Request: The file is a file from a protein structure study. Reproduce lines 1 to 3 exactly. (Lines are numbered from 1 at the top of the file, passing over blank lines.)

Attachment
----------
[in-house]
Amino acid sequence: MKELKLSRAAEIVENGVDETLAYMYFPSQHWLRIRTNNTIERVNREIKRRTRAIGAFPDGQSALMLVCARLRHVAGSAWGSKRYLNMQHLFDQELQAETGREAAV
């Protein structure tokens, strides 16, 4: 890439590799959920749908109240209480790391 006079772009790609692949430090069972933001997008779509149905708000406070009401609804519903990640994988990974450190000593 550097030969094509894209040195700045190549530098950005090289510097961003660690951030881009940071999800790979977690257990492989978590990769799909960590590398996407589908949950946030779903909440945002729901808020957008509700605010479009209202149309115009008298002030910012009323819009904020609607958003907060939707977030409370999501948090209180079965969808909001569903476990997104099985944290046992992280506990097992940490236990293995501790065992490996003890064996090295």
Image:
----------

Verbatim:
[in-house]
Amino acid sequence: MKELKLSRAAEIVENGVDETLAYMYFPSQHWLRIRTNNTIERVNREIKRRTRAIGAFPDGQSALMLVCARLRHVAGSAWGSKRYLNMQHLFDQELQAETGREAAV
């Protein structure tokens, strides 16, 4: 890439590799959920749908109240209480790391 006079772009790609692949430090069972933001997008779509149905708000406070009401609804519903990640994988990974450190000593 550097030969094509894209040195700045190549530098950005090289510097961003660690951030881009940071999800790979977690257990492989978590990769799909960590590398996407589908949950946030779903909440945002729901808020957008509700605010479009209202149309115009008298002030910012009323819009904020609607958003907060939707977030409370999501948090209180079965969808909001569903476990997104099985944290046992992280506990097992940490236990293995501790065992490996003890064996090295």